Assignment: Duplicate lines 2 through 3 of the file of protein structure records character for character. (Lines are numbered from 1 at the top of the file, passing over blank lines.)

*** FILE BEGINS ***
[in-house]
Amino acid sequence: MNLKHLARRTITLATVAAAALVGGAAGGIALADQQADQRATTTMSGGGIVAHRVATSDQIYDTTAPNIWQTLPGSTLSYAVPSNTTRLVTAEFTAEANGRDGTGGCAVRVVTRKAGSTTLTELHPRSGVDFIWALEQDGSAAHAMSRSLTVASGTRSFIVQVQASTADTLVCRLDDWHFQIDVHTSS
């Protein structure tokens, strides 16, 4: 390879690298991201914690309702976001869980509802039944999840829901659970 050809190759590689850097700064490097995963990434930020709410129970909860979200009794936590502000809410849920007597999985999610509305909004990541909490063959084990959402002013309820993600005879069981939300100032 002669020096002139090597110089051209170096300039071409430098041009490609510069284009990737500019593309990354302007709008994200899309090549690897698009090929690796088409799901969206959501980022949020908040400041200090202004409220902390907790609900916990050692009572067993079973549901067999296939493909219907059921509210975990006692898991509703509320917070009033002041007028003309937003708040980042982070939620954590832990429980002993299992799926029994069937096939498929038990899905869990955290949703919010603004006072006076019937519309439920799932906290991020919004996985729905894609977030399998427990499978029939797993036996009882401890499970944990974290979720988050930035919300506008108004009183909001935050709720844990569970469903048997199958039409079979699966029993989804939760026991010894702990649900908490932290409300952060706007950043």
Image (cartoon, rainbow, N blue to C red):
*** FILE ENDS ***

Amino acid sequence: MNLKHLARRTITLATVAAAALVGGAAGGIALADQQADQRATTTMSGGGIVAHRVATSDQIYDTTAPNIWQTLPGSTLSYAVPSNTTRLVTAEFTAEANGRDGTGGCAVRVVTRKAGSTTLTELHPRSGVDFIWALEQDGSAAHAMSRSLTVASGTRSFIVQVQASTADTLVCRLDDWHFQIDVHTSS
């Protein structure tokens, strides 16, 4: 390879690298991201914690309702976001869980509802039944999840829901659970 050809190759590689850097700064490097995963990434930020709410129970909860979200009794936590502000809410849920007597999985999610509305909004990541909490063959084990959402002013309820993600005879069981939300100032 002669020096002139090597110089051209170096300039071409430098041009490609510069284009990737500019593309990354302007709008994200899309090549690897698009090929690796088409799901969206959501980022949020908040400041200090202004409220902390907790609900916990050692009572067993079973549901067999296939493909219907059921509210975990006692898991509703509320917070009033002041007028003309937003708040980042982070939620954590832990429980002993299992799926029994069937096939498929038990899905869990955290949703919010603004006072006076019937519309439920799932906290991020919004996985729905894609977030399998427990499978029939797993036996009882401890499970944990974290979720988050930035919300506008108004009183909001935050709720844990569970469903048997199958039409079979699966029993989804939760026991010894702990649900908490932290409300952060706007950043």